Eurasian Development Bank: Almaty.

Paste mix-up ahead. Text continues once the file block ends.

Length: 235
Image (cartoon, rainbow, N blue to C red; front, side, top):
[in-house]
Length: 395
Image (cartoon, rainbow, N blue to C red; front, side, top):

The on-going crisis has triggered qualitative changes in the global political and economic architecture. Separate elements of global economic and financial reforms are already visible. In particular, the process of G20 institutionalisation, which reflects the growing weight of developing economies, has finally begun. Following a slowdown of operations over the last decade, the role of IMF has increased rapidly, as the institution finds itself at the forefront of helping many national economies survive. The idea of the world reserve currency is actively discussed and IMF’s SDRs are the most commonly mentioned option. Furthermore, for better or worse, a global financial regulator is likely to be established. There is less substance on the level of post-Soviet regional integration. The EurAsEC Anti-Crisis Fund, designed to help less developed countries of the region stabilise their economies and launch important transborder integration projects, stands out. Also, Russia’s massive financial aid to its neighbours, in particular Belarus, Kyrgyzstan, and Armenia, is worth mentioning. At the same time, the wave of protectionism is gaining ground as countries resort to any means available to counteract their shrinking GDP. Unfortunately, there is high probability that the crisis will not push the countries of the region toward qualitatively new parameters of comprehensive economic cooperation and a more efficient mode of the realisation of the vast integration potential. In general, a global economic crisis is unlikely to affect integration in a critically damaging way. However, the introduction of protective measures in support of domestic producers by a number of countries sends a troubling message. The consequences are dire. On balance, the crisis bears in itself more threats than opportunities for the consequential development of regional economic integration. For the post-Soviet countries, which are not even bound by the WTO rules, protectionist policies are all too tempting. However, the immediate gains conflict with the requirements of optimal foreign trade policy. Recent years witnessed very promising developments along the ‘bottom-up’ approach to integration based on market economy principles – namely the rapid growth of mutual trade and investments, corporate expansion across the border, the nascent Eurasian transnationals, the technological alignment.